But before I proceed with what will become the greatest adventure you’ll read in the next 10 minutes, here are some photos to prove that it actually happened!

Guests arrived…and promptly left. Then other guests arrived and were trapped by the scary neighbourhood cats. Beers were opened, tears were shed, and the first round of Kebabs nestled comfortably onto the grill to be removed of all flavour except ‘burnt’.

No fancy dry rubs just yet, but I felt that a mixture of assorted vegetables and meat on a stick was a fairly good barometer for finding the right sized ‘BBQ Boots’. Not wanting to burn the veg, but needing to ensure the meat was cooked… Fairly simple now it’s written down, but at the time, and with other people’s wellbeing at stake, it’s important to resist the beer fuelled thought that ‘it’llbealright…hic’! A fairly standard start to what I’m certain will be a BBQ success story.

The kebabs were a hit and, I dare say, a favourite amongst my visitors that weren’t digging an escape tunnel in the shed. Next up, burgers and sausages.

Now. I like to think of myself as a fairly adventurous cook, I can turn pretty much whatever I find in the street into something edible, and making burgers from scratch is very much on the ‘to-do list’. But in this instance, the supermarket pack will have to do. No ordinary burgers though, I’ll have you know, Vintage Cheddar Quarter Pounders! ‘They’re surely too complex for a beginner!’ I hear you cry. Not me, by this point, I was fearless!

They turned out well… Again, I feel that practice will help get the process just right. Burgers are a little like sausages… This is actually a lie… as they’re not. But, what I mean is, you have to get the outside cooked well, but not burnt, whilst making sure the inside is cooked well enough to not make anyone ill. This, I managed. And without the drunk, iron-stomach goggles on! A great way to hide your burger mistakes is to have a pack of ‘cheese’ slices on hand. These are the plastic orange things near the dairy fridge section in the supermarket. It’s not really cheese, no one knows what it is. But the thing it grows on is hideous and probably shouldn’t be eaten.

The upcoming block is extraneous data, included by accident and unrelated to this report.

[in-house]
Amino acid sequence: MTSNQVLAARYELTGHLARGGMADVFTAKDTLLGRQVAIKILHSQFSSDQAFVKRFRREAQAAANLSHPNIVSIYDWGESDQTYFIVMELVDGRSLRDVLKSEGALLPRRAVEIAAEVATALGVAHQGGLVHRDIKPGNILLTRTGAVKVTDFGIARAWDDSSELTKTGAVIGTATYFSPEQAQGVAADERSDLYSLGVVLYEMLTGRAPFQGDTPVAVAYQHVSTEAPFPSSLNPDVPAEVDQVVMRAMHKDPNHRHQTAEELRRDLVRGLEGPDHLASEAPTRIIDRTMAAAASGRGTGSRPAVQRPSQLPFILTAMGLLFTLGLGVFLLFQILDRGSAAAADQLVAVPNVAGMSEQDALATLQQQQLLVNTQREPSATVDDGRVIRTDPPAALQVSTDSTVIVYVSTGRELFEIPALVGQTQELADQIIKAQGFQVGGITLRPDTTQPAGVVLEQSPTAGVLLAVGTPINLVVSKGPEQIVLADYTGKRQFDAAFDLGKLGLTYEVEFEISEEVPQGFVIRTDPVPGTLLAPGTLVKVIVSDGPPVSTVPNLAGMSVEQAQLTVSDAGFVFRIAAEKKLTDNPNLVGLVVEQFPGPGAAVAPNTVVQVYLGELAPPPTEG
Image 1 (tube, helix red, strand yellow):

Sausages, on the other hand, although delicious and almost my favourite food, are near impossible to get right.

For instance, the sausages I attempted to cook on the BBQ, were black on the outside when I had finished with them. They had actually become the very thing that was cooking them. Charcoal. It is possible to say that my attention wavered and that it was merely a cooking mistake, but I feel they are more reminiscent of the stereotypical Scotsman in the sun…. White, white, white, white, white, white, white, BURNT! I wonder if I should have drowned them in Factor 30 first…? And to highlight just how incredibly awkward a food they are, these were frozen in the middle. They hadn’t even been in the freezer.

Halloumi. Another favourite and a strong BBQ choice. I chose to cook mine ‘dirty’ which basically means allowing it to melt through the grill and drip onto the coals below. It becomes a little game and a true test of endurance trying to eat it like a corn on the cob, with the Halloumi as the corn and red-hot coals as the cob. Not for everyone, but as I’m destined to be a BBQ Blogger, I felt I could jump straight in with this expert manoeuvre. If you’re not a fan of the dirty cooking method, maybe try to keep it in a hub cap on the grill for a bit of containment, this is called ‘Zoning’.

 

In addition to the aforementioned slightly blackened treats, were the typical BBQ accompaniments. Salad that has wilted before it’s even made it outside, coleslaw that only ever makes you think, ‘why?’ and booze.

            A selection of Brewdog libations, Kronenbourg and Gin were all on offer in varying amounts. So much so, that I doubt that the many discrepancies in the actual food were even noticeable until the following day whereby any discomfort or illness was most likely caused by something else.

            And thus, concludes this account of My first BBQ. In the immortal words of Obi Wan Kenobi

 

‘These are not the Droids you are looking for.’

 

            I’ll be back soon with another blog asking ‘do dogs think in English?’. And tune in for the forthcoming first episode of ‘The 250°F BBQ Podcast’, starring yours truly, Al Peters, Chris Mence, Chuck Norris, Mary Berry and Frankenstein’s Monster.

Remember guys, 251°F BBQ! 1 better than any other food blog on the market!

Richy P